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U.S. Army Corps of Engineers grants final easement for completion of Dakota Access pipeline

A satellite image of the Dakota Access pipeline site. (DigitalGlobe)
A satellite image of the Dakota Access pipeline site. (DigitalGlobe)

The U.S. Army Corps of Engineers on Wednesday granted the final easement needed for completion of the Dakota Access pipeline, clearing the way for construction to resume and stirring uncertainty about the historic protest that has tried to stop it.

“With this action, Dakota Access now has received all federal authorizations necessary to proceed expeditiously to complete construction of the pipeline,” Energy Transfer Partners, the company building the pipeline, said late Wednesday.

The company has said the pipeline can be completed and operational within three months once construction resumes.

The move was not unexpected.

On the first Tuesday he was in office, President Trump instructed the Army to consider rescinding a decision made in the final weeks of President Obama's term to conduct a more extensive environmental review and consider alternative routes for the pipeline.

On Tuesday, the Army Corps announced that it no longer saw the need for an expanded environmental review and expected to issue the easement on Wednesday.

The same day, Trump told a group that he had not received any complaints about his decision.

"I don't even think it's controversial," he said, a remark that quickly drew criticism from pipeline opponents.

The Standing Rock Sioux Tribe, which has led protests against the pipeline, said it would continue to fight its completion in court and, if necessary, fight the operation of the pipeline if it is finished. But the tribe has also encouraged people who have been protesting the pipeline near its reservation for months to leave and focus instead on political and legal efforts.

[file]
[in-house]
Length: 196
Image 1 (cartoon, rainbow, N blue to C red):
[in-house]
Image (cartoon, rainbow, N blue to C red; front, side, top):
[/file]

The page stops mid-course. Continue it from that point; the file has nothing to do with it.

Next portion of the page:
The $3.8-billion, 1,170-mile pipeline, which would travel from western North Dakota to Illinois, is nearly complete. The main section that remains to be built is the most controversial: a segment that would travel beneath a dammed section of the Missouri River just north of the Standing Rock Sioux reservation.

The tribe says the pipeline threatens its water supply and sacred sites on what had been its land before the government forced it onto the reservation.

Energy Transfer Partners says the pipeline, which could transport more than 500,000 barrels of oil daily, is a safer means of transportation than rail or truck.

The tribe’s protest began in spring 2016 with a handful of people but expanded to include thousands, drawing a wave of Native Americans from across the country as well as environmental groups. It became an international symbol of the battle against fossil fuels and for tribal rights.

It also became violent at times, with protesters clashing with law enforcement, leading to more than 700 arrests and claims of police brutality.

Scores of protesters continue to camp in subzero temperatures near the planned river crossing in North Dakota, but their numbers have dwindled as the Standing Rock Sioux Tribe has urged them to leave amid brutal winter conditions and concerns about spring floods in a year when the snowpack has been heavy.

“As Native peoples, we have been knocked down again, but we will get back up, we will rise above the greed and corruption that has plagued our peoples since first contact,” Dave Archambault II, chairman of the Standing Rock Sioux Tribe, said Tuesday after the Army Corps announced it would grant the easement.

He added: “We call on the Native Nations of the United States to stand together, unite and fight back. Under this administration, all of our rights, everything that makes us who we are, is at risk. Please respect our people and do not come to Standing Rock and instead exercise your 1st Amendment rights and take this fight to your respective state capitols, to your members of Congress, and to Washington, D.C.”

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